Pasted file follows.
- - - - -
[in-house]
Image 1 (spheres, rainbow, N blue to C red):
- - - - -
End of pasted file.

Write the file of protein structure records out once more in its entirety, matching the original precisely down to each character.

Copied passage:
[in-house]
Image 1 (spheres, rainbow, N blue to C red):